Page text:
FIGURE 1Electron microscopy of TRL hybrid particles. Panels A and B, negative staining of TRL hybrid particles produced from E1-E2-transduced Caco-2 cells or nontransduced cells, respectively, is shown. The bar is 100 nm unless otherwise indicated. Panels C and D, TEM grids were coated with the anti-HCV E2 H48 antibody and rinsed, and particles produced from E1-E2-transduced (C) or untransduced Caco-2 cells (D) were added. Panel E, magnetic beads (black arrow) covered with a layer of protein A coated with H48 were incubated with TRL hybrid particles, rinsed, and observed by cryo-TEM; asterisks, TRL and E2-positive particles retained on the magnetic bead. Panels F and G, immunogold labeling of TRL particles from E1-E2-transduced (F) or untransduced Caco-2 cells (G) are shown; particles deposited on TEM grids were immunoassayed for the presence of HCV E1 with the A4 antibody, and a gold-labeled secondary antibody was added. Panels H and I, TEM grids were coated with H48, rinsed, then incubated with E117-E2-positive particles and immunoassayed for human apoB 48 and 100 with the polyclonal antibody K45253G; a gold-labeled secondary antibody was then added. Images show representative objects at high magnification.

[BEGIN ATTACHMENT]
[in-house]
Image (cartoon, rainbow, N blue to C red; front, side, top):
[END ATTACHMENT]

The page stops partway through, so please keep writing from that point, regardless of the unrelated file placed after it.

eLVP Fuse with Liposomes in an E1-E2-, Particle Dose-, and pH-dependent Manner

      TRL particles collected from cells transduced or not with the HCV E1 and E2 glycoproteins were analyzed for their fusion properties using the R18 fusion assay we successfully applied to the study of HCV pseudoparticle- and HCVcc-mediated fusion (
      • Haid S.
      • Pietschmann T.
      • Pécheur E.I.
      ,
      • Lavillette D.
      • Bartosch B.
      • Nourrisson D.
      • Verney G.